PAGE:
Wieden+Kennedy, one of the world's leading creative shops, was behind the original idea, though I can't be sure they oversaw the production of this piece in particular. The iffy art direction notwithstanding, the headline of this ad is atrocious. It is tautologous nonsense, and adds absolutely zero to the big idea. Just because the ads are supposed to look amateur doesn't mean the writing should be. Keep reading...

Wednesday, May 20, 2009

Coke's Verbal Creativity is Lacking

Last week the Coca-Cola Company announced the upcoming launch of an innovative new plastic bottle made partly (30%) from sugar cane and molasses. This new packaging is fully recyclable, and is said to reduce carbon emissions by as much as 25% over the product lifecycle. Dasani will be the first drink to be sold in the new bottle, followed by vitaminwater next year.

Naturally, I applaud this move. I hope the next few decades see the gradual disappearance of toxic petroleum-based packaging in favor of more renewable choices. So why am I bothering to post this story? Actually, it's because of the name of this new plant-based bottle.

PlantBottle™. They jammed together the two most generic words to describe it, and then trademarked the result. Granted, the "P" and "B" sounds do go well together, given their common plosive (meaning an expulsion of air from one's mouth) nature. As a site note: linguistically, "B" is a voiced plosive, meaning your vocal cords vibrate when you make the sound.

As Seth Meyers might say on Weekend Update, "Really, Coke?" It's hard to believe that's the best name a multi-billion dollar company and all its ad agencies could come up with. Just off the top of my head, here are a few alternatives:


...more to come. Keep reading...

Thursday, May 7, 2009

The Allure of the Airport

Looking at the sprawling spiderweb that connects the world’s airports, I often imagine myself as a tiny dot on one of those arcing lines, slowly traversing the distance between two larger dots, which incredibly represent entire cities full of tiny dots like me. I dream of spending my life moving from point to point on the map, discovering what makes each of those identical dots different.

The feeling I get when entering the airport is probably comparable to the feeling a beer lover might get if he walked into a bar with all the world’s brews on tap. For an airport is possibility, and possibility is intoxicating. As I walk by the gates I observe where each one is heading. Get on this plane, go to Bali. Get on that one, go to Bogota. Then step out into a new day— one with warmer air, brighter colors, and surrounded by sea of strange tongues. The prospect of so easily exchanging one environment for another is enormously appealing to me; just three hours separate London fog from the Spanish sun.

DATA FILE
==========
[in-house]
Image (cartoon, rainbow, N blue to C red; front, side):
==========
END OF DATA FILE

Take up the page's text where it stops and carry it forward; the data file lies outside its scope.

An airport is a modern-day harbor, constantly buzzing with activity, as travelers arrive and depart, and thousands of bags criscross unseen conveyor belts on their way to a final destination. People from across the world convene at these amazingly intricate nodes, bringing with them their hometown newspapers, fashions, and foods. So many people, so many stories, so many reasons for their fleeting presence in this window to the world. Keep reading...

Saturday, May 2, 2009

Google Sees the Future Part Deux

Everyone knows Google does amazing things; there seems to be no limit to the company's technological aspirations. But did you know they can send you emails from the future? Here is a very strange screenshot I took of a recent email. Be sure to look at the time stamp and the computer's clock. Crazy. Keep reading...

Thursday, April 30, 2009

Marshalls Gets New Media

Marshalls is not a brand I typically consider hip or web-savvy, but their newest promotion shows that someone there gets it. To promote The Cube, a new mini-boutique for girls within some Marshalls stores, the company is using as its spokesperson someone who is neither female nor even real.

Kelly, a character created by comedian Liam Sullivan, is the star of many YouTube videos, most notably "Shoes," which is one of the most quoted viral videos among teens. The latest one takes place primarily in a Marshalls store, but the viewer is not hit over the head with the brand; in fact, only by reading the details of the video did I figure out the sponsorship.